Flores didn’t want to look like the “bad” parent who always said “no” to junk food, but she wanted to encourage and teach her daughter and younger son Dante, who tagged along to games—both of whom were struggling with their weight—to make healthy choices.
When children are of school age, it is the opportune time to teach them the importance of healthful eating habits. Eating behaviors they learn now are more likely to stay with them into adulthood.
Flores and I chose to present Cristina and Dante with a compromise: As long as they actually eat the more nutritious snacks, they can choose a not-so-healthy snack. The children came up with a list of healthy snacks they enjoy such as strawberries, slices of turkey rolled up in a tortilla, low-fat cheese sticks, pretzels, baby carrots with ranch dip, and a mix of raisins, nuts, and chocolate chips. If they have any of these, they may also have a cookie, another sweet, or even occasional ice cream. The objective is to not have the kids feel deprived or, in a sense, punished, thereby making the junk food less desirable.
I also suggested Flores talk with the other parents. Perhaps they actually prefer their children to eat healthier snacks but just grab the most convenient food they know their child will eat. Or maybe they find it easier to indulge their children rather than encourage them to eat something more nutritious. However, knowing they have the support of other parents may motivate them to enforce better habits.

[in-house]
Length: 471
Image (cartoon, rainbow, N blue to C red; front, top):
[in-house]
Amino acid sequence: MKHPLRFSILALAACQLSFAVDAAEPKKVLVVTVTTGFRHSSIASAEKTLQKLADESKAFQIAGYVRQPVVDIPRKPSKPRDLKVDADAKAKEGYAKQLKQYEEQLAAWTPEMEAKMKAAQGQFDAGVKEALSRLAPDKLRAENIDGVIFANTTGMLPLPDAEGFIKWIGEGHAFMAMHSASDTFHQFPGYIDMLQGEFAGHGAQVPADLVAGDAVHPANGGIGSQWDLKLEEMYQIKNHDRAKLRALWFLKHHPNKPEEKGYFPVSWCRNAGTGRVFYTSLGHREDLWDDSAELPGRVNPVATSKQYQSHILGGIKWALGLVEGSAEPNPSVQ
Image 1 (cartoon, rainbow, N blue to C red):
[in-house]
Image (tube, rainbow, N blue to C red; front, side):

The good news for concerned parents whose younger children are now participating in sports or engaging in regular physical activity is that they do not need to provide them with a special diet. Nor do the kids have dramatically increased nutrient needs. By simply providing your little athlete with a balanced diet that follows the recommended guidelines (such as those that can be found on choosemyplate.gov), and offering them a variety of healthful foods from all the food groups in serving sizes appropriate for their age, you can be assured they will have plenty of fuel while also getting the adequate nutrition to support their growth and development.
Click here to read part one in this series about the dietary needs of teen athletes.
Robin Werner MS, RD, sees clients of all ages in Manhattan and Westchester. She lives in New Rochelle with her husband, Greg, and their three very active young children. For more information, visit wernernutrition.com or “like” the Robin Werner Nutrition page on Facebook.